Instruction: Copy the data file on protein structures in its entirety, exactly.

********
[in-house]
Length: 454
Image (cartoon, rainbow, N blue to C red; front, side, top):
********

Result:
[in-house]
Length: 454
Image (cartoon, rainbow, N blue to C red; front, side, top):